Findings of a cross-sectional study published in JAMA Pediatrics suggested that approximately 6% of children — or one in 17 — are given melatonin for sleep problems.
“Many children take over-the-counter melatonin that their parents provide, especially if they have sleep problems,” Henning Tiemeier, MD, PhD, a professor of social and behavioral science and the Sumner and Esther Feldberg Chair of Maternal and Child Health in the T.H. Chan School of Public Health at Harvard University, told Infectious Diseases in Children.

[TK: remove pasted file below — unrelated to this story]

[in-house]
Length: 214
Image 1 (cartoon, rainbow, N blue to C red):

“Pediatricians should advise families on melatonin use and alert them that we do not know about the side effects and efficacy of melatonin for sleep problems due to lack of research. This absence of evidence is not the same as evidence of no side effects.”